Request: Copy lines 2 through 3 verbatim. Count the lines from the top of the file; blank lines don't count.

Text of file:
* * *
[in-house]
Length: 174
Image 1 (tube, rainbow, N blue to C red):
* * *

Length: 174
Image 1 (tube, rainbow, N blue to C red):